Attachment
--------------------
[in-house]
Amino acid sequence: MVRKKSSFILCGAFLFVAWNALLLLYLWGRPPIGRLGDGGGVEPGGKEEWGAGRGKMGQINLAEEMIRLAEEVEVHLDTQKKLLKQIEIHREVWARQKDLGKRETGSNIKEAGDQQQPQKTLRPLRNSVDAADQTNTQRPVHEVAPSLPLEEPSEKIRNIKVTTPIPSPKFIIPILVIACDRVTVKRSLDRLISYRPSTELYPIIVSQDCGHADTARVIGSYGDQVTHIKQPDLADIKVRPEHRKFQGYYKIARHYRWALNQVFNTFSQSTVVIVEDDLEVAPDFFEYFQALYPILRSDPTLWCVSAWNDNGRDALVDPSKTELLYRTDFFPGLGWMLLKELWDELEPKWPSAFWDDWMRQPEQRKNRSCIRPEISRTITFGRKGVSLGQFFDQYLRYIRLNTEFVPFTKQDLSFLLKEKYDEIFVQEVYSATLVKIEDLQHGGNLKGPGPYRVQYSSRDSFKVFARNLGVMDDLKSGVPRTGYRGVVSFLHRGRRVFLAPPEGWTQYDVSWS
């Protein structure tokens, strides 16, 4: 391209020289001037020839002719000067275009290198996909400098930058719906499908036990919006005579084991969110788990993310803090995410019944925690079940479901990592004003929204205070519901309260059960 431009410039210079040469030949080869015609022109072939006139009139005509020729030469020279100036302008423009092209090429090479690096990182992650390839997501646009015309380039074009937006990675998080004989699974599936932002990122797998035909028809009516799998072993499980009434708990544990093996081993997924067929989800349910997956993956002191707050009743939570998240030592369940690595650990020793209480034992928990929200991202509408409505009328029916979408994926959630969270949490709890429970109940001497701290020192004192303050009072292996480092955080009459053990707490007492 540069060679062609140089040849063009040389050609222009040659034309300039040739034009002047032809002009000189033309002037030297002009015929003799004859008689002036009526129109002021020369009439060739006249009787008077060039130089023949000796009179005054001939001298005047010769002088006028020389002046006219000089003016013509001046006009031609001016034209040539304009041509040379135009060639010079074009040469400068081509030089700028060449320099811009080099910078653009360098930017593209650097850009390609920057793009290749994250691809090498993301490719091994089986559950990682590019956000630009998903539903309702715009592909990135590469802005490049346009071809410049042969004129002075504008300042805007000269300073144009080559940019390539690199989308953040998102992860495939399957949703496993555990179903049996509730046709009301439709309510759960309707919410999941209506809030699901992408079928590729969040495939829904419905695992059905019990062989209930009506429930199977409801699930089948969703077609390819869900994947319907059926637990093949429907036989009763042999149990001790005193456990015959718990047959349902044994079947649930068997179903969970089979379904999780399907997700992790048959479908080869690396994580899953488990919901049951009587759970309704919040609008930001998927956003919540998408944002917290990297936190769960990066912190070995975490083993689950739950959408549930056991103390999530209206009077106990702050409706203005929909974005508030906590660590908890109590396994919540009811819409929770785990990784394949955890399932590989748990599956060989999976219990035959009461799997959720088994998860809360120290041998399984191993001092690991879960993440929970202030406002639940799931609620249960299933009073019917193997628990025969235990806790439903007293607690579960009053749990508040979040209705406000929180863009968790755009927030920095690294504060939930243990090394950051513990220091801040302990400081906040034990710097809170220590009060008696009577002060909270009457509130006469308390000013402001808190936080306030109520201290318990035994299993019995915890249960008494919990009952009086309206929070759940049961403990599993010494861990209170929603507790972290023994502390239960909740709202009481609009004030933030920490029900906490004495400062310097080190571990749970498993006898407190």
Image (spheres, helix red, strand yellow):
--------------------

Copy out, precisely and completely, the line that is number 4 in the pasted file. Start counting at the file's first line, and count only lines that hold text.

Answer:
Image (spheres, helix red, strand yellow):